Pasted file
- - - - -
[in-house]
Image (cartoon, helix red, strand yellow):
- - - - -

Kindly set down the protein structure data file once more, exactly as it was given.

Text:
[in-house]
Image (cartoon, helix red, strand yellow):